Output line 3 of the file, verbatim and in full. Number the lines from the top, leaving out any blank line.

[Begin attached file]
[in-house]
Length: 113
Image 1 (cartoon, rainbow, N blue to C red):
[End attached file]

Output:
Image 1 (cartoon, rainbow, N blue to C red):